This was over the decisive “No” by Slovakia, the Czech Republic, Hungary, and Romania; only Poland gave in at the last moment — they all don’t want a single of them. It is not “their problem”. To understand it, consider these astonishing figures: 96 percent of Germans in principle agree with accepting refugees, while 71 percent of Czechs are against taking any.[2]

How to explain this discrepancy? The plot thickens because Eastern Europe itself has been massively refugee-producing over the past century, especially during the Soviets’ brutal ruptures of the Hungarian and Czechoslovak reform experiments in 1956 and 1968, respectively.

However, Communism, with its proverbial Iron Curtain, also sealed the East from the human rights revolution and accompanying liberalizations that the luckier part of the Continent underwent, particularly since the 1960s. The current Hungarian Prime Minister may be fluent in English, but two-thirds of Hungarians do not speak a foreign language. There is little contact with people of other races or ethnic background (not to mention that Gypsies are the proverbial underclass). Poland is 98 percent white and 94 catholic, the most homogenous ethnic nation-state of all of Europe.

But more importantly, Communism had bred an insular and suspicion-prone mentality, in which at best family could be trusted. East Germans had a word for it: they lived in a “niche society” (Nischengesellschaft), and often not that badly (if one brackets the absence of freedom). But the Iron Curtain effectively kept away the great social reform movements of the West, feminism, anti-racism, gay rights, anti-authoritarianism. Orban’s antics of avowedly “illiberal” Christian nationalism are no outlier in the region. A Hungarian academic-turned-politician observes: “The assumption in the West that post-communist societies would seamlessly absorb Western liberal mores on immigration and multiculturalism was profoundly wrong. These countries are still defining their identities. They don’t want to adopt the Western approach”.[3]

Now let’s move to the New Europe. At the peak of the Syrian refugee crisis, on 3 September 2015, German Chancellor Merkel visited the University of Bern, to pick up an honorary doctorate that had been awarded to her a few years before (things move even slower in Bern than in the slow rest of Switzerland). After a short hour of polite questioning by a mostly student audience, many of them dealing with the current refugee crisis and Germany’s unexpectedly humanitarian stance in it, Mrs. Merkel asked for a “woman” (finally…) to be her last questioner. A neatly groomed blond with smart glasses politely thanked the Frau Bundeskanzlerin for the privilege. Then she called up the elephant in the room. Were the Syrian refugees not “Muslims”? And was it not the responsibility of political leaders to protect “not only refugees” but also “Europe and our culture”?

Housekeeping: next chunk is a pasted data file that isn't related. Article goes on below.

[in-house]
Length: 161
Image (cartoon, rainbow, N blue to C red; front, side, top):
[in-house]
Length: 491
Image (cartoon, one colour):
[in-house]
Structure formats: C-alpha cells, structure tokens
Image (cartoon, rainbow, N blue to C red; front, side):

How would the German Chancellor respond to the student’s question? Remember that not too long ago, in late 2010, Mrs. Merkel had made headlines for declaring that “multiculturalism has utterly failed”, then trying to placard public and conservative elite resentment over apparent deficits of Muslim and Islam integration. This had always been a deceptive statement, because at the same time the German government entertained conciliatory Integration Summits and Islam Conferences with representatives of the 4-million-strong Muslim community in Germany, and a new scheme of funding costly Islam chairs at several German state universities, with an eye on training German imams, had just been announced.

This is how the German Chancellor answered the question over the “Islamic Threat” in Bern 2015: Coolly and, well, in a multicultural mode. First, the Syrian “fighters” for the Islamic States — not addressed in the question but clearly implied when Islam was depicted as a threat — were “partially very young people who have grown up in our countries, and we are responsible for them”. Secondly, “anxiety has never been a good advisor”. And thirdly, in the face of four million Muslims living in Germany, it was pointless to bicker about Islam being “a part of Germany or not”, it obviously is. “We all have the right here to practice and commit ourselves to our religion. Why do we get upset if Muslims practice and commit themselves to theirs?” The presence of Islam might even be a chance to “find back our own roots as Christians, and to become a bit more bibelfest (knowledgeable of the Bible)”. Mrs. Merkel found it “strange” (komisch) that many of her “Christian” compatriots no longer knew what “Pentecost” meant, while they are also “complaining about Muslims who know the Koran better”. Finally, she pointed out, “our European history is so full of dramatic and horrible (gruselige) struggles that we should be very careful to complain when elsewhere bad things are happening”. There was “no reason to be haughty (hochmütig)”. “I am saying this now as the German Chancellor”. Her statement was followed by long applause.